She never talked in negative terms. She always found the good in everything. She made a regular practice of counting her blessings. She did kind things for people. She probably never used the words “practice positive perspective” in her life, but that’s what she did, every moment of every day.
None of these are incredibly time consuming or incredibly difficult — we can all do them. But, how many of us do all five each day? As a sixth, I’d add in daily Bible reading.
Pg. 104, Happy habits:
1. Each morning, write down three things you’re grateful for.
2. Journal for two minutes a day about one positive experience you’ve had over the past twenty-four hours.
3. Meditate daily.
4. Do a random act of kindness over the course of each day.
5. Exercise for fifteen minutes daily.
This is so important and something that I’ve seen as more and more essential as I have continued to mature and grow older. As my sister also grows older and looks towards college in the fall of 2020, I can see how important this is for her also. It’s very tolling to have negative people around us and surrounding all that we do, it’s incredibly draining to say the least. I need people who push me as much as I push myself, and they are the type of people that I prioritize being around.
Pg. 199, The best thing I can do to serve the world around me is to keep myself in a state where I can best contribute — and I can’t do that if I’m being dragged down by an environment of cynicism and self-pitying complaint. I want to spend my time with people who have an infectiously positive attitude, who bring energy and vitality to the table, and who brighten the room.
Turn in the right direction and walk. Step by step by step by step. We’ll get there eventually. Just. Keep. Going.
“It is much harder to stop something already in motion than it is to start something that is stopped. It is even harder still to induce motion into something that is without movement.” — Harrison Wendland
Pg. 205, “Be not afraid of going slowly; be afraid only of standing still.” — Chinese Proverb
Just a week or just a lifetime? We’ve got eternity to look forwards to, are we preparing effectively? Are we storing up for ourselves, treasure in heaven? (Matthew 6:29–31)
Pg. 225, Be Committed for the Long Haul
Showing up is essential.
Showing up consistently is powerful.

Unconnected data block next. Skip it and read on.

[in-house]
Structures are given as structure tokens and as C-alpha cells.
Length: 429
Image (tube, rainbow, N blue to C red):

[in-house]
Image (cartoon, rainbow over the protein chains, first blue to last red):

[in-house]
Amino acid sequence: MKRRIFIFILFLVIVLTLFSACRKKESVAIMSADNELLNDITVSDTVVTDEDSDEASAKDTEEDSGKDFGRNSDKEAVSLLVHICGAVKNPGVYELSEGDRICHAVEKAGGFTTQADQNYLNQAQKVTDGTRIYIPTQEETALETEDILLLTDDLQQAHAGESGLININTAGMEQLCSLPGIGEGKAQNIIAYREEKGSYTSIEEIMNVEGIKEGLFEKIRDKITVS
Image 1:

Showing up consistently with a positive outlook is even more powerful.
But doing all that for a week… is just doing it for a week.
Some of the people I most admire wake up and center their days on questions like the following one. Some ask, “Who can I most help today?” or, “What will I be able to do that most helps someone?”
Pg. 254, What one simple, single, easy-to-do activity can you do, day in and day out, that will have the greatest impact on your health, your happiness, your relationships, your personal development, your finances, your career, and your impact on the world?
No matter how busy, get it done. Period. I continued to see parallels between this book and Tim Grover’s book Relentless and for good reason. Consistency is everything and actions, repeated over time, created our future.
Pg. 255, My daily health discipline is to workout for thirty-five minutes a day. I know that no matter how busy I am, I can do thirty-five minutes — so thirty-five minutes it is.
What is your dominant aspiration? If you don’t have one, is that an issue? If your controlling desire is to relax or have sex, is that an issue? It might be, but that depends upon whom you ask, we are all different and unique.
Pg. 260, In that great classic of personal development, As a Man Thinketh, James Allen put it this way:
“You will become as small as your controlling desire, or as great as your dominant aspiration.”
Always ask this. Trust, but verify. Evaluate.
“Trust your gut. But also test it. Before you do anything concrete, the data has to agree.” — Marc Randolph
Pg. 271, Successful people are always asking: “Who am I spending time with? Are they the people who best represent where I want to be headed? They form powerful relationships with positive people; they carefully build mastermind groups, work with those groups regularly, and take them seriously; and they do not hesitate to disassociate themselves, when necessary, from people who are consistently negative and threaten to drag them down.
Here’s my biggest takeaway: Commit. Get it done. Repeat. Repeat. Repeat. Evaluate. Commit. Get it done. Repeat. Repeat. Repeat. That’s it. It’s simple, isn’t it? Then do it. It’s a challenge. I’ve been off and on at the gym for years. I’m in arguably the best shape of my life but still much thinner than I desire to be and I could eat cleaner and I could sleep more. It all comes down to the seemingly easy decisions. So why is it then that Steve Jobs and Mark Zuckerburg are notorious for wearing the same outfit nearly all the time? One less decision to make, right? It only makes sense. If willpower is limited, we need to create systems that allow us to thrive with the disciplines that we desire to have. Remember, your actions create your attitude, your actions, and your results, which combine together to create your life. EVERYTHING matters.
“How you do anything is how you do everything.”
I gave this book a 4/5